Every layer has to be thoroughly soaked with water including the existing soil. The fungi, bacteria, insects, beetles, earthworms etc. that will break down your materials need water to do their work.
My “recipe” comprised from bottom (soil level) to top:
- cardboard (on reflection, probably not needed)
- garden compost (precious stuff from my own bins)
- grass clippings from a neighbor’s “pile” and half a bag of left-over peat moss
- partially decomposed garden waste from another neighbor’s “pile”
- wood shavings and straw from another neighbor’s old chicken shed
- grass clippings again
- leaves collected in our leaf cage from the previous fall
- more partially decomposed garden waste
- wood chips to hold it all in place and for aesthetic appeal
The layers amounted up to about 12 inches of material. Each layer was watered in. Grass clippings were laid in approximately 1 inch layers while the other materials were laid in 3-4 inch layers. You need much more brown material by volume than green.
Just like making compost conventionally it is important to have a mix of “green” and “brown” materials or, in chemical terms, sources of nitrogen and carbon. Too much green (e.g. grass clippings) and you have too much nitrogen. Too much nitrogen will encourage leafy top growth in your plants at the expense of root and fruit/flower development leading to straggly unhealthy plants. Too much brown and the materials won’t break down sufficiently.
But the green/brown or nitrogen/carbon balance isn’t just about your plants. All the living creatures in your soil need the right balance too. They have to live, multiply, work the soil, die and decompose in order to release the precious nutrients to your plants. The soil creatures need to feed before your plants can.
It’s important that the materials you bring in don’t also bring in weed seeds resulting in a huge weeding problem for the next year. But the theory is that any weed seeds that do come in will rot in the damp condition of the layers. And if they don’t rot first, they won’t germinate anyway due to lack of light.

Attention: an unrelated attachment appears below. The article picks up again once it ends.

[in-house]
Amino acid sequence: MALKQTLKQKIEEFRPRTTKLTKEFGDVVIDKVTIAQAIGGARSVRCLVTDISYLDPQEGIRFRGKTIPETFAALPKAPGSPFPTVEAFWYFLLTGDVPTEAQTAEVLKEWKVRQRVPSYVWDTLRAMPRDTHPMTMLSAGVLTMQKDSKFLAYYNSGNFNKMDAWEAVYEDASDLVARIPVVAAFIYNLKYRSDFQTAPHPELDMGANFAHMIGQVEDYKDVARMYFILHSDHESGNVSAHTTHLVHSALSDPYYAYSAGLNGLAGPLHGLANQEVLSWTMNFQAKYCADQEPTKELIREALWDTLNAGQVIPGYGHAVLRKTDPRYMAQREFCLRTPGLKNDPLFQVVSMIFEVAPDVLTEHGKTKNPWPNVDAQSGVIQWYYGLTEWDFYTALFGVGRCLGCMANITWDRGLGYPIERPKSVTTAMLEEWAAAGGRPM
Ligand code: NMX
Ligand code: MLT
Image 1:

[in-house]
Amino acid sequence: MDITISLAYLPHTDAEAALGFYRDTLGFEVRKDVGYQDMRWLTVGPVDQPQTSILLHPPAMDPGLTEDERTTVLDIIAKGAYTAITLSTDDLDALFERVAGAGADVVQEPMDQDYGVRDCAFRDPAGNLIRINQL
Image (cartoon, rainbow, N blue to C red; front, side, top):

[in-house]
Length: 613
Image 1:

The biggest part of this job is sourcing and gathering all the materials. There were many trips to neighbors’ gardens with rakes and shovels. Then the trips home again with a car full of other people’s “waste” in old plastic bags. It is hard work.
So, now we have some 60 feet of garden borders resting for the winter under their layers of composting (we hope!) materials. We also have many other areas where fewer layers were used (mainly straw with grass clippings or partially decomposed garden waste) to about 3-4 inches to perk up the soil around and between trees and shrubs.
Many questions remain:
- Will the cardboard decompose?
- Is the “green” and “brown” balance right?
- Will the raccoons and skunks churn it all up?
- Will there be a crop of new weeds from the imported materials?
- Will the cold Colorado winter simply stop any decomposition from taking place?
- Will there just be a smelly slimy heap to remove next spring?
- OR, will we have achieved that elixir of gardening – fertile, well-drained, moisture-retentive soil???
Well, the answers to all these questions will be given next year when I report back in another post.
In the meantime, what do you think? Have you tried this? Did it work well? Please share your comments below.
Anne Hughes – Denver County Apprentice Master Gardener